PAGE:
International Migration Responses to Natural Disasters: Evidence from Modern Europe's Deadliest Earthquake

72 Pages Posted: 28 Jul 2020 Last revised: 16 Aug 2020

See all articles by Yannay Spitzer

Yannay Spitzer

Hebrew University of Jerusalem

Gaspare Tortorici

Heidelberg University - Alfred Weber Institute for Economics

Ariell Zimran

Vanderbilt University

Multiple version iconThere are 2 versions of this paper

Date Written: July 2020

Abstract

The Messina-Reggio Calabria Earthquake (1908) was the deadliest earthquake and arguably the most devastating natural disaster in modern European history. It occurred when overseas mass emigration from southern Italy was at its peak and international borders were open, making emigration a widespread phenomenon and a readily available option for disaster relief. We use this singular event and its unique and important context to study the effects of natural disasters on international migration. Using commune-level data on damage and annual emigration, we find that, despite massive destruction, there is no

evidence that the earthquake had, on average, a large impact on emigration or its composition. There were, however, heterogeneous and offsetting responses to the shock, with a more positive effect on emigration in districts where agricultural day laborers comprised a larger share of the labor force, suggesting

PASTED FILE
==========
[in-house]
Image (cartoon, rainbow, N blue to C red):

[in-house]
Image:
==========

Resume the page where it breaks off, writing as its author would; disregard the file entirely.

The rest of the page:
that attachment to the land was an impediment to reacting to the disaster through migration. Nonetheless, relative to the effects of ordinary shocks, such as a recession in the destination, this momentous event had a small impact on emigration rates. These findings contribute to literatures on climate- and disaster-driven migration and on the Age of Mass Migration.

Keywords: Age of Mass Migration, Italy, migration, Natural Disasters, Refugees, US Immigration

JEL Classification: F22, J61, N3, O15, Q54

Suggested Citation

Spitzer, Yannay and Tortorici, Gaspare and Zimran, Ariell, International Migration Responses to Natural Disasters: Evidence from Modern Europe's Deadliest Earthquake (July 2020). CEPR Discussion Paper No. DP15008, Available at SSRN: https://ssrn.com/abstract=3650123

Yannay Spitzer (Contact Author)

Hebrew University of Jerusalem ( email )

Mount Scopus
Jerusalem, 91905
Israel

Gaspare Tortorici

Heidelberg University - Alfred Weber Institute for Economics ( email )

Grabengasse 14
Heidelberg, D-69117
Germany

Ariell Zimran

Vanderbilt University ( email )

2301 Vanderbilt Place
Nashville, TN 37240
United States

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